Friday, October 7, 2011

Thank You Very Much, Mr. Robot

We tend to think of robots as the stuff of science fiction, or, today, technology fact. You’ll even find a few stomping around the television channels this month, in honor of Halloween. But nineteenth century young ladies and gentlemen were no strangers to robots. They called them automata. Some of our Nineteenteen family (such as a young lady who’s written two books about a clockwork prince—cough, cough) have done extensive research on automata, so please chime in!

In some cases, automata were created as children’s toys, something to amuse the little ones. Watchmakers and music box makers hoping to make a little extra income put them together. Powered by wind-up clockwork, clowns did simple flips over ladders, birds sang from gilded cages. The masters of these trinkets lived in Germany and France, and the French Revolution took its toll on their customers. So, they turned to making ever more elaborate devices for grownup boys and girls, the royalty and nouveau riche of Europe.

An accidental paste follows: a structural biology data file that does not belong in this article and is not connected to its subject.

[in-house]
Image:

Some of the automata developed in the eighteenth and nineteenth century are amazing! Gentlemen in gilded robes play flutes; copper ducks move about, swim in water, quack, and pretend to eat. The mechanical creatures wrote poetry, drew pictures, and waltzed together. One marvel, a present to Marie Antoinette, was a court lady who played the struck dulcimer, and her tiny head and eyes moved as she worked.

But just as Hollywood tends to make robots appear more intelligent and capable than they truly are, so too some automaton makers decided to show off their skills. A German gentleman created The Turk in 1770 to impress the Empress Maria Therese of Austria. The automaton was the size and shape of a man, sitting behind a chess set on top of a cabinet. You could take a seat opposite him and play a game. His arm moved pieces to counter yours, and if you tried to cheat, he would either wipe your pieces off the board or move the piece you’d cheated with back to its original place.

He tended to win, even supposedly beating Benjamin Franklin and Napoleon as the various owners took him on tours all over Europe, England, and America. Unfortunately, his abilities were all the product of a chess master hiding inside the gears. A sliding seat allowed the fellow to escape notice as the cabinet doors were opened. The truth was never fully revealed until after the machine’s destruction by fire, and some today still question the revelation.

Eat your hearts out, Disney Imagineers.


Kleidung um 1800 said...

There's a novel available about the chess robot (The Turk), it's called "Der Schachautomat" ("The chess automat") by Robert Löhr.


Regina Scott said...

Cool! Thanks for letting us know, Sabine!